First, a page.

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Lawyer slams 'ridiculous' new legislation banning e-scooters on trains
1 June 2023, 13:40 | Updated: 1 June 2023, 15:17
TESSA LAWS NICK FERRARI shorter
Tessa Laws, who represents Scootin, the first importer of e-scooters to the UK, says that she does not agree with the new regulations 'at all'.
Tessa Laws told Nick Ferrari she was "hugely disappointed" as a ban on e-scooters is implemented across the south-east of the UK.
E-scooters have been banned on Southeastern, Southern, Thameslink and Gatwick Express networks due to concerns about fire risks; with Southern Rail citing "limited regulation" over the lithium-ion battery used in the vehicles, which can cause fires should it malfunction.
Ms Laws said that e-scooters "should be part of our urban landscape, continuing, "They're clean, they give people an effective and cheap way of travelling, they are the future, and cars should be taken off the roads."
Nick interrupted to question Ms Laws on e-scooter shaving caught fire.
Ms Laws responded: "If your scooter is a good scooter and you have invested in it, it is a vehicle and should be treated with respect by you as the rider...if you spend a thousand pounds on them, you will look after them and they won't catch alight."
Nick challenged her, saying: "Well the reality is we are where we are...and they are catching alight at the rate of six a week."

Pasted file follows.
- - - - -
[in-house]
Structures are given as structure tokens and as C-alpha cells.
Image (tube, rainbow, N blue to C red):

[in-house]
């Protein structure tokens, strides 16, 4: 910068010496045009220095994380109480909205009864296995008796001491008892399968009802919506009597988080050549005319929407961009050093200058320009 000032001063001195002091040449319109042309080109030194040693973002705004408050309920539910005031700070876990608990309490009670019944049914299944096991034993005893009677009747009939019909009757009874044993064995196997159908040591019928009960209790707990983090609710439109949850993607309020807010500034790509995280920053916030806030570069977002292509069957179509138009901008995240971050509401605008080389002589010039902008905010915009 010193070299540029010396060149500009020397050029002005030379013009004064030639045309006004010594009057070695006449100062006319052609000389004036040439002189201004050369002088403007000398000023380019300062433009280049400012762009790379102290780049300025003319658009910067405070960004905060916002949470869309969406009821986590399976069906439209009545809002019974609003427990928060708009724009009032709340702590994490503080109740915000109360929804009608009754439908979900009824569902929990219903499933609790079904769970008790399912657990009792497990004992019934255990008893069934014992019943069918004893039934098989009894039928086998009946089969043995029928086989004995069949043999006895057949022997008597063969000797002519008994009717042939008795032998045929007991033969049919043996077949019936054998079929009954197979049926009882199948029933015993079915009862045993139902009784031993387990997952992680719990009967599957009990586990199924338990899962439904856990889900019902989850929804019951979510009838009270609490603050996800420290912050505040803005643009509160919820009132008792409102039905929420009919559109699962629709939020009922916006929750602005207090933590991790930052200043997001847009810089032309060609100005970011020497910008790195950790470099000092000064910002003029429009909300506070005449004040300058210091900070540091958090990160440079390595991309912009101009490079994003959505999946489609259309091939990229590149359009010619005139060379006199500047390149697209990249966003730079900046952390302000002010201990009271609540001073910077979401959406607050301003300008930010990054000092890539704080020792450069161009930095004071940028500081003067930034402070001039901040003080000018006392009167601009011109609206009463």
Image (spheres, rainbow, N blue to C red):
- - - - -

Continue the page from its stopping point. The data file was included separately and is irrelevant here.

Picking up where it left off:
Ms Laws criticised the government in her response, saying that e-scooters "do not suit them": "They miss out on money from parking meters, congestion charges won't get paid...it's a ridiculous situation that we're in!"
She exclaimed: "Regulate them, regulate the people riding them, allow them on trains and allow people the freedom of movement!"
Nick questioned Ms Laws on her rationale: "You're saying it's all because of the cheap e-scooters, it makes not a blind bit of difference if I crash into a bus on one that's cost me two thousand pounds I'm still going to come off worse."
Ms Laws hit back: "I also said about regulation, I've said before people should have provisional driving licences, they should have some kind of certification to show they know how to ride as probably should have bicycles, they are vehicles."
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When challenged on that fact regulation has not been happening Ms Laws claimed it was because the government is "derelict."
To which Nick questioned: "You don't think that possibly the industry has been derelict...surely that's where the problem lies?"
He continued, asking how the police would know whether a scooter on the street meets proper regulations, to which Ms Laws asked why factories have not been raided to "take these things off the streets."
She went on: "They should've been regulated from the beginning, they should have allowed them on the roads, they should have allowed people to respect them, instead they have allowed people to abuse them...it's really outrageous."
Finally, Nick asked: "Should we just ignore the fatalities and injuries?"
To which Ms Laws asked if he had compared them to figures concerning cyclists.
Nick exclaimed: "What difference does it make! Why don't we bring in electric pogo sticks and see how dangerous they might be?"
He concluded: "I'm trying to make the roads safer not almost a sort of Russian Roulette of bizarre forms of transportation."